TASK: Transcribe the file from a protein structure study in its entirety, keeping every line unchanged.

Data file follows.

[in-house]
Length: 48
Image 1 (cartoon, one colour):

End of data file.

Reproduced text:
[in-house]
Length: 48
Image 1 (cartoon, one colour):